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This book contains twelve engaging philosophical lectures, most of them given during Romania’s Communist regime. They were written by Alexandru Dragomir, a former student of Heidegger who never published anything in his lifetime. The lectures deal with a diverse range of topics, such as the function of the question, self-deception in the past, the present, and the future, and banalities with a metaphysical dimension. The book includes a phenomenological discussion of the topic of nation and examines what happens when the human race loses its sense of measure. It also addresses the true role of the intellect in contrast with the dominance of scientific abstraction in today’s technical world. Among the thinkers discussed are Anaxagoras, Socrates, Plato, Aristotle, Descartes, and Nietzsche.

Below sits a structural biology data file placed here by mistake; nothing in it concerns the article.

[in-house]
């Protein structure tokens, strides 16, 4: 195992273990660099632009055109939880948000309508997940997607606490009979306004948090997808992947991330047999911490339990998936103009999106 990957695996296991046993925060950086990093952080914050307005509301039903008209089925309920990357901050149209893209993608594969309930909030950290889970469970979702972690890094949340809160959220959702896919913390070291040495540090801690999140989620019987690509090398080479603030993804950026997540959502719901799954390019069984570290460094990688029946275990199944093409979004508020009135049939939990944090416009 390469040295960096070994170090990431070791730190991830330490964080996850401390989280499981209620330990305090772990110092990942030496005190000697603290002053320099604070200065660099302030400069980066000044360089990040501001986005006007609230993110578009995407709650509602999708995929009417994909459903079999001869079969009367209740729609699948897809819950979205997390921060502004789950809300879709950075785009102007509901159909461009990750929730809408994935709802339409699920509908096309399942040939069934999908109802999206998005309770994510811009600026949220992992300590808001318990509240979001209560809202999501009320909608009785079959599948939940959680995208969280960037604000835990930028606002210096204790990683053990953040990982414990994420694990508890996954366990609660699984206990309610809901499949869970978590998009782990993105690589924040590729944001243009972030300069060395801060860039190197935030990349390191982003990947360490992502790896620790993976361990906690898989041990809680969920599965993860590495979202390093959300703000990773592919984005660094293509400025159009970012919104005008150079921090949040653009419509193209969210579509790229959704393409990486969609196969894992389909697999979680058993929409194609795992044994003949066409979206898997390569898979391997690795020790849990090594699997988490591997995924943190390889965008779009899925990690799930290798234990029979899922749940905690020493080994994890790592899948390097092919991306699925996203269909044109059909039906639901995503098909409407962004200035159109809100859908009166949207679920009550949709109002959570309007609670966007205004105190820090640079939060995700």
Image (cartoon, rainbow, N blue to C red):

Alexandru Dragomir was born in 1916 in Romania. After studying law and philosophy at the University of Bucharest (1933–1939), he left Romania to study for a doctorate in philosophy in Freiburg, Germany, under Martin Heidegger. He stayed in Freiburg for two years (1941–1943), but before defending his dissertation he was called back to Romania for military service and sent to the front. After 1948, historical circumstances forced him to become a clandestine philosopher: he was known only within a very limited circle, and even his friends did not know whether or not he was giving concrete expression to his philosophical preoccupations in a written work. He died in 2002 without ever publishing anything. It was only after his death that the “Dragomir notebooks” came to light.